After the Government’s announcement that it was extending COVID-19 testing for people not showing coronavirus symptoms to 67 Council areas including Sefton, plans are coming together for testing across the borough.
With 10,000 tests expected to be made available to Sefton each week, they will need to be targeted where they will have the most effect.
The focus is likely to be on hospices and hostels where there are vulnerable residents, as well as those frontline Sefton Council workers likely to be exposed to the virus.
Coronavirus testing for people not showing the symptoms of a raised temperature, persistent new cough or loss of taste of smell, were launched in Liverpool with the support of 2,000 army personnel. Residents and people working or attending schools and colleges in the city, including some Sefton residents, are being encouraged to get tested every five days. In the first two weeks, over 150,000 tests were carried out.
Sefton’s Director of Public Health, Margaret Jones said:
“With significantly fewer tests available to us, we need to devise a plan for using them where they will deliver the greatest benefit using the resources we have available, which hopefully will include military support. This is why we are focusing on places where vulnerable people are living and the staff working with them.
“Targeting the majority of tests available to us on locations where there are people for whom the COVID-19 could prove most dangerous and even fatal, will help to prevent the spread of infections and save lives.”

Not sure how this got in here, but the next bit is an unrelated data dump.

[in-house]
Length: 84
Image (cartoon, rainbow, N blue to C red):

People receiving a negative result through the testing scheme are being reminded they still need to follow any restrictions in place to stop the spread of the virus.
Margaret Jones said: “These new tests are a useful development and in Liverpool, are identifying a significant number of people who have coronavirus but not its symptoms and who could otherwise pass it on to loved ones, friends and colleagues unknowingly.
“However, a negative result is certainly not a passport to bypassing the restrictions and rules we’re all following because really it means you’re not infectious on the day you take the test. That can change quite quickly, which is why people in Liverpool have been encouraged to stick to the restrictions and to get re-tested regularly.”
Anyone who receives a positive test result through the scheme must isolate for 10 days.
People who are eligible can apply for a one-off, £500 Test and Trace Support Payment.
Mrs Jones added that anyone who does start showing the coronavirus symptoms of a raised temperature, persistent new cough or loss of taste of smell, should get a test immediately by calling 119 or visiting www.nhs.uk/coronavirus.
Sefton has walk-through Test Centres at Bootle Town Hall, Crosby Library Car Park, Netherton Activity Centre and Southport Town Hall.
Open from 8am to 8pm, seven days a week, walkthrough centres provide easy access to Covid-19 tests for people with coronavirus symptoms who do not have access to a car and for those who have coronavirus symptoms and should not travel by public transport.
Additionally, Mobile Testing Units are at locations across Sefton nearly every day. Details can be found on https://mysefton.co.uk/